Does government policy matter to the stock market? According to our featured indicator this week—the Real Monetary, Fiscal, and Exchange Rate Policy Index—the answer is a resounding yes.

The policy index is a combination of the year-to-year change of the real (inflation-adjusted) M2 money supply and the year-to-year change of the 12-month trailing total of real federal expenditures. It also subtracts out the 12-month total of real federal receipts and the year-to-year change in the U.S. dollar. In other words, it combines the growth rates of the money supply, federal government spending, and the dollar into a single measure. Taken together, these three factors measure the total stimulus that is being provided to our economy.

The 12-month change in the policy index is shown as the orange line at the bottom of the chart. The green line up top shows the performance of the Dow Jones Industrial Average (the stock market) going back to 1974. Historically, we find that when the policy index turns up and is higher than it was 12 months ago (the indicator is above the upper bracket), the market benefits from the expansionary policy and returns around 16% per year, on average. However, when the policy index falls below its level a year ago (the indicator is below the lower bracket), the market does poorly as it sees contractionary policy coming.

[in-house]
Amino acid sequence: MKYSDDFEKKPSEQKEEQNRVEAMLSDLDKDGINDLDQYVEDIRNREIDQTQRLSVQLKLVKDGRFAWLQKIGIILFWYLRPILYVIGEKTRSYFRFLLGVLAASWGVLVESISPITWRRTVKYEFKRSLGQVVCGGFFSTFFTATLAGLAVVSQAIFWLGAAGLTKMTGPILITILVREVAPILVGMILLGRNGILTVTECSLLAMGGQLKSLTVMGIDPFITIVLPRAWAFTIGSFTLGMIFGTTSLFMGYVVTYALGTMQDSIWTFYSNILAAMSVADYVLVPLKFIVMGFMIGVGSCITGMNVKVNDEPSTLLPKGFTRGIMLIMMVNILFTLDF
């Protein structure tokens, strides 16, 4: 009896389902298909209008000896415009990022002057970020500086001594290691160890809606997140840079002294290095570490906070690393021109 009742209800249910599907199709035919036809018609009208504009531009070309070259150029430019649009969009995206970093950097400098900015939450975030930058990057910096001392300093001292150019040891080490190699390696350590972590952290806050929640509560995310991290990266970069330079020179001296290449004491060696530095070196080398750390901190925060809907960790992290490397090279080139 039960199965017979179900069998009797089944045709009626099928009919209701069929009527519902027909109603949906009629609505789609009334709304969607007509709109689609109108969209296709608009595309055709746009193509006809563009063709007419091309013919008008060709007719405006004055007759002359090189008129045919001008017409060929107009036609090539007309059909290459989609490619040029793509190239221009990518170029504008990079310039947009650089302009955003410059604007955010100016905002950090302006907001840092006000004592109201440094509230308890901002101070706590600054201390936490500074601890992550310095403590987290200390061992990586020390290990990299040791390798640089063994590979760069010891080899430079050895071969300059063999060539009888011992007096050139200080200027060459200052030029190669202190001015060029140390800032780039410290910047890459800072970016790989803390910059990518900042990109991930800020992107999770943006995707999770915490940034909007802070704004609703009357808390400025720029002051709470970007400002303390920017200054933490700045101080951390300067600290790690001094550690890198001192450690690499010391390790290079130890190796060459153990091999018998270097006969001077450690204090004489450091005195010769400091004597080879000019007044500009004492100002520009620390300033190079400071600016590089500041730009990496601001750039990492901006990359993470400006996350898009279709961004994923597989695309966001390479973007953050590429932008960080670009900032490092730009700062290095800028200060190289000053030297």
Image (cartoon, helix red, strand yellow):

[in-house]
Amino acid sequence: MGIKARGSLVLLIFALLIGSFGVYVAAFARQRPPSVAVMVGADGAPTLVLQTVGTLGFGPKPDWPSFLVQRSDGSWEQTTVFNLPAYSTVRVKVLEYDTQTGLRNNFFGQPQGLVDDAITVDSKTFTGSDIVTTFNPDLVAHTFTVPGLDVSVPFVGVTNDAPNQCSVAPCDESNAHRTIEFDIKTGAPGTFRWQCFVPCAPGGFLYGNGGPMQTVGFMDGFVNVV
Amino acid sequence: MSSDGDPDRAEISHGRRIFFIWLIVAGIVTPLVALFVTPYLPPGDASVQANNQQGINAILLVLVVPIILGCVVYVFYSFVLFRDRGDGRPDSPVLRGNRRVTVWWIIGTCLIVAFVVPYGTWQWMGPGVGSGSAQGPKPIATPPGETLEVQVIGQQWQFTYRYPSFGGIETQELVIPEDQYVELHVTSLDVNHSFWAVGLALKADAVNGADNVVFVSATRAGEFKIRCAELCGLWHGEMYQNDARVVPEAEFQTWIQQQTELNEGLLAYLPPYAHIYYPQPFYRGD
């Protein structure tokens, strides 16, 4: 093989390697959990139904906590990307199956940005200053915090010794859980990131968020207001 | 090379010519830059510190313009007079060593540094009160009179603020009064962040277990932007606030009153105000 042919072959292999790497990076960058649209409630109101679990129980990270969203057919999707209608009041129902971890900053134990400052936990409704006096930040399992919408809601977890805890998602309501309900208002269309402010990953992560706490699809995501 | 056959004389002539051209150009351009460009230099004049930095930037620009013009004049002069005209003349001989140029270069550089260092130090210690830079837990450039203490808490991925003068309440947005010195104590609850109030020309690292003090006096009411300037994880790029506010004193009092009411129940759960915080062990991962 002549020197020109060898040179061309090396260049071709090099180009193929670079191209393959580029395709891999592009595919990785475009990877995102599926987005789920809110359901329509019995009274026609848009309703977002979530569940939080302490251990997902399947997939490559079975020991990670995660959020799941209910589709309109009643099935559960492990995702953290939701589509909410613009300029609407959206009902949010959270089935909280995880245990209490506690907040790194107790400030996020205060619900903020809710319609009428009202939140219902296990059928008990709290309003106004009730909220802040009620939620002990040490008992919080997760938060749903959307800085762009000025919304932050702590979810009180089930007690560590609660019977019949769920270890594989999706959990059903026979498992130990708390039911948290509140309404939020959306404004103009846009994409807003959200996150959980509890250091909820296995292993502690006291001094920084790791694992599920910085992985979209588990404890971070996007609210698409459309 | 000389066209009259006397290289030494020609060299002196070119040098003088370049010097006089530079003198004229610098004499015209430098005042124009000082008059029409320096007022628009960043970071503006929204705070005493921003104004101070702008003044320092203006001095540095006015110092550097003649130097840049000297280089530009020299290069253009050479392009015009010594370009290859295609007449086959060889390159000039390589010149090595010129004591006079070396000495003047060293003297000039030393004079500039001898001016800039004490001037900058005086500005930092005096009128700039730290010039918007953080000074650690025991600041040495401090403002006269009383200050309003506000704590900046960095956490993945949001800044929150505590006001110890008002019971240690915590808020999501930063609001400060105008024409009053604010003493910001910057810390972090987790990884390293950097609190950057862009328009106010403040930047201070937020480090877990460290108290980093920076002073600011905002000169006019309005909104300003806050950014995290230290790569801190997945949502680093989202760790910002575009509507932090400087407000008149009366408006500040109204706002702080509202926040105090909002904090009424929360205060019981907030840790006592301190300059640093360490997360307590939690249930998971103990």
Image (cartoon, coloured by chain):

This past year really stands out on the chart as both monetary and fiscal policy expanded together at unprecedented rates to combat the pandemic. As a result, both the money supply and federal government spending skyrocketed, and the U.S. dollar entered a downturn. Sure enough, the policy index triggered a positive signal for the stock market at the end of March 2020, and stocks have surged ever since.

As you might notice, the policy index has come down quite a bit after reaching an all-time high a few months ago. But that is to be somewhat expected, as the indicator measures the year-to-year change in the money supply and government spending, which would have looked largest this March—a year after the initial downturn and subsequent massive government response in spending. At 13.5%, the 12-month change in the policy index last month is still above the upper bracket, indicating an easy monetary, fiscal, and exchange rate environment that is bullish for stocks.


This is intended for informational purposes only and should not be used as the primary basis for an investment decision.  Consult an advisor for your personal situation.

Indices mentioned are unmanaged, do not incur fees, and cannot be invested into directly.

Past performance does not guarantee future results.